Wind Resource Maps

Arizona Main Wind Map 

Seasonal Wind Maps

Spring - Summer - Fall - Winter

Wind Maps of Arizona at Different Hub Heights

30 M - 50 M - 70 M - 100 M

Monthly Wind Maps of Arizona

January - February - March - April - May - June
July - August - September - October - November - December

Wind Map Background

In August 2002, NAU contracted with TrueWind Solutions to buy a set of high-resolution wind maps and the data from which the maps are created. Using a modified weather prediction computer program and 30-years of historical data, TrueWind has created annual, seasonal, and monthly maps of average wind power density and average wind speed. Also included is data indicating the diurnal variation of the wind speed throughout the state. The set of wind maps was purchased for $65,000, of which $25,000 was provided by the National Renewable Energy Laboratory, and $13,333 each from Tucson Electric Power, Salt River Project, and Arizona Public Service. NAU serves as the central point of contact in arranging the purchase, and is responsible for making the maps and data publicly available.

What does the windmap tell us about the wind energy resource in Arizona?

Based on the wind map data, how much electricity could be generated by wind energy on the utility scale Arizona has a potential wind energy resource of more than 2600 MW. This estimate includes all areas in the state with a class resource or better (annual wind speed average at 50 meters above the ground greater than 16 mph), excludes windy sites such as urban areas, National Parks and Monuments, etc., but does not consider proximity to existing transmission. The highest wind energy resource areas appear to be concentrated along ridge crests and on plateaus in higher elevations throughout Arizona, especially in the northern and the eastern portions of the state. Two of the most promising tracks of contiguous windy lands in the state appear to be on the Navajo Nation near Cameron, and in eastern Arizona near Springerville. Arizona also appears to have a large class wind energy resource spread across the state (on the order of 20,000 MW), which may be developable for rural electrification, small home systems, or on a utility-scale in conjunction with a renewable portfolio standard.

Potential positive impacts of wind energy development

  • Environmental, reduce or displace emissions from power plants
  • Rural development, rural job creation and land leases to private land owners; possibly tax revenues
  • Construction job creation, approximately one job per 1 to 10 MW of installed capacity (e.g., 100 MW of wind turbine development = 10 to 100 construction jobs)
  • Long-term operations and maintenance (O&M) job creation, in the range of 2 to 10 long term O&M jobs per 100 MW of wind turbine development, depending on the size of the project and other factors.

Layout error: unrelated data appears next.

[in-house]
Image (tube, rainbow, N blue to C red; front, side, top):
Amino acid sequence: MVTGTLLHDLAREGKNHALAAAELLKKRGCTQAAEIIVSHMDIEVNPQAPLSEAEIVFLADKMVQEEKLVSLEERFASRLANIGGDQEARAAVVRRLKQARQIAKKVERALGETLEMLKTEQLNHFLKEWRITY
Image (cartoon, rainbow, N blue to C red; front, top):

Economic impact, typically between 10% and 25% of the capital investment (construction related costs) in wind turbine systems stay in the local/statewide community. Each megawatt-sized wind turbine requires an investment of approximately $1 Million, so a 100 MW wind turbine development could lead to an economic impact of $10,000,000 to $25,000,000. The Arizona Wind Working Group (see below) will be working over the next year to determine an Arizona-specific estimate of the potential economic impact.

The next steps... what to expect?

Given the information provided by the new wind energy maps, there are several next steps to be taken in order to investigate the feasibility of developing the potential wind resource, as well as the possibility of realizing the potential benefits:

  • Public outreach and education
  • Site specific wind energy assessments of a duration of a year or more
  • Transmission studies; potentially building more transmission capacity
  • Environmental and avian impact studies
  • Business planning and development assess the economic viability of developing the wind energy resource

Some of these steps have already been initiated by wind energy developers, utilities, and other groups in the state, and it is reasonable to expect that some of Arizona wind resource will be developed in the years ahead.

The Arizona Wind Working Group

The Arizona Wind Working Group was formed in November of 2001 with support of the National Wind Powering America Program. The goals of the Arizona Wind Working Group include determining the magnitude and geographic distribution of the wind energy resource available in Arizona and assessing the feasibility of commercial-scale development of Arizona wind resource. The group is composed of many stakeholders in the state including tribes, coops, utilities, universities, state and federal officials, private businesses, environmental organizations, and interested individuals. Purchase of the wind map was one of the first objectives of the Arizona Wind Working Group.

If you have questions, please call or email:

Dr. Tom Acker
Associate Professor, Mechanical Engineering
928-523-8363
tom.acker@nau.edu